When Mr. Andersz got home, he'd fish a Ho Ho out of the tin for himself if we'd left him one—we tried to, most days—and then come downstairs, and when he peered out of the stairwell, his black wool hat still stuck to his head like melted wax, he already looked different than when we saw him at school. At school, even with his hands covered in yellow chalk and his transparencies full of fractions and decimals scattered all over his desk and the pears he carried with him and never seemed to eat, he was just Mr. Andersz, fifth-grade math teacher, funny accent, funny to get angry. At school, it never occurred to any of us to feel sorry for him.

"Well, hello, all of you," he'd say, as if talking to a litter of puppies he'd found, and we'd pause our game and hold our breaths and wait for Peter. Sometimes—most times—Peter said, "Hey" back, or even, "Hey Dad." Then we'd all chime in like a clock tolling the hour, "Hey Mr. Andersz," "Thanks for the Ho Hos," "You're hat's all wet again," and he'd smile and nod and go upstairs.

There were the other days, too. A few, that's all. On most of those, Peter just didn't answer, wouldn't look at his father. It was only the one time that he said, "Hello, Dipshit-Dad," and Jenny froze at the Atari and one of the floating grabby things swallowed her digger, and the rest of us stared, but not at Peter, and not at Mr. Andersz, either. Anywhere but there.

For a few seconds, Mr. Andersz seemed to be deciding, and rain-rivers wriggled down the walls and windows like transparent snakes, and we held our breath. But all he said, in the end, was, "We'll talk later, Struwwelpeter," which was only a little different from what he usually said when Peter got this way. Usually, he said, "Oh. It's you, then. Hello, Struwwelpeter." I never liked the way he said that, as though he was greeting someone else entirely, not his son. Eventually, Jenny or her sister Kelly would say, "Hi, Mr. Andersz," and he'd glance around at us as though he'd forgotten we were there, and then he'd go upstairs and invite the Serbians in, and we wouldn't see him again until we left.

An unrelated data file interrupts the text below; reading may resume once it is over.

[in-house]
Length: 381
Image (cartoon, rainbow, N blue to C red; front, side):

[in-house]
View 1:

The Serbians made Steve Rourke nervous, which is almost funny, in retrospect. They were big and dark, both of them, two brothers who looked at their hands whenever they saw children. One was a car mechanic, the other worked at the Locks, and they sat all afternoon, most afternoons, in Mr. Andersz's study, sipping tea and speaking Serbian in low whispers. The words made their whispers harsh, full of z's and ground-up s's, as though they'd swallowed glass. "They could be planning things in there," Steve used to say. "My dad says both those guys were badass soldiers." Mostly, as far as I could tell, they looked at Mr. Andersz's giant library of photo albums and listened to records. Judy Collins, Joan Baez. Almost funny, like I said.

Of course, by this last Halloween—my last night at the Andersz house—both Serbians were dead, run down by a drunken driver while walking across Fremont Bridge, and Kenny London had moved away, and Steve Rourke didn't come anymore. He said his parents wouldn't let him, and I bet they wouldn't, but that isn't why he stopped coming. I knew it, and I think Peter knew it, too, and that worried me, a little, in ways I couldn't explain.

I almost didn't get to go, either. I was out the door, blinking in the surprising sunlight and the wind rolling off the Sound through the streets, when my mother yelled, "ANDREW!" and stopped me. I turned to find her in the open screen door of our duplex, arms folded over the long, grey coat she wore inside and out from October to May, sunlight or no, brown-grey curls bunched on top of her scalp as though trying to crawl over her head out of the wind. She seemed to be wiggling in mid-air, like a salmon trying to hold itself still against a current. Rarely did she take what she called her "frustrations" out on me, but she'd been crabby all day, and now she looked furious, despite the fact that I'd stayed in my room, out of her way, from the second I got home from school, because I knew she didn't really want me out tonight. Not with Peter. Not after last year.

"That's a costume?" She gestured with her chin at my jeans, my everyday black sweater, too-small brown mac she'd promised to replace this year.

I shrugged.